The global Freecycle phenomenon was born and raised in Tucson, and it’s founder, Deron Beal, is featured in the current issue of Time Magazine. Check it out here.
Started in 2003, they currently have 4,854 groups with 6,737,000 members across the globe. Groups can be found from Andorra to Zambia.
If you have been living in a cave and are not aware of what the Freecycle craze is. Their site (freecycle.org) says, “The Freecycle Network™ is made up of many individual groups across the globe. It’s a grassroots and entirely nonprofit movement of people who are giving (& getting) stuff for free in their own towns…When you want to find a new home for something — whether it’s a chair, a fax machine, piano, or an old door — you simply send an e-mail offering it to members of the local Freecycle group. Or, maybe you’re looking to acquire something yourself. Simply respond to a member’s offer, and you just might get it.”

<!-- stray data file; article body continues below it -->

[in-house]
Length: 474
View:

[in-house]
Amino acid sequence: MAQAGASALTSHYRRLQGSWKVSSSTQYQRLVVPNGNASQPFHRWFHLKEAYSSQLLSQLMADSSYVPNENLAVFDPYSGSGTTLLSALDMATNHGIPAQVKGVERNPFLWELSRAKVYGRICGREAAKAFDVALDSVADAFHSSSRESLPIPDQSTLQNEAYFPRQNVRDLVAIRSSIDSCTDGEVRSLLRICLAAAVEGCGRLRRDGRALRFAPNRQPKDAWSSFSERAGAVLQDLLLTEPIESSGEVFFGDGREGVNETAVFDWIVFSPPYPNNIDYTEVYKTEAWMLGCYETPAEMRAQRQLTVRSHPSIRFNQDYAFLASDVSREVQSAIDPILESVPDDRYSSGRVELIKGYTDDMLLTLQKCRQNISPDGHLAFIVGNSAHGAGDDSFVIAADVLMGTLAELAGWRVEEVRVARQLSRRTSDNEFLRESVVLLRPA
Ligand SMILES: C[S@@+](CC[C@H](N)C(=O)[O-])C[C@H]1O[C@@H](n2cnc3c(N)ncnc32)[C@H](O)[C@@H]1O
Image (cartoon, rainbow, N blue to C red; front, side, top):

When I first heard of the Freecycle group here in Tucson years ago, I didn’t quite understand it. To test it out, I posted an offer of 50 empty used CD cases. Within minutes I was inundated with takers. A couple years later, my sister was living out in the boonies and would be trapped by monsoon floods. At that time, you could post “wanted” items (they have since changed the rules). I posted her problem and quickly was offered an old Pinto that had been converted into a type of swamp vehicle. We didn’t take it (she moved).
According to the article, the site helps to reuse 700 tons of material a day. The Freecycle site claims they have kept material out of landfills equal to “five times the height of Mt. Everest in the past year alone, when stacked in garbage trucks!” That’s no small potatoes.
Are you a Freecycle enthusiast?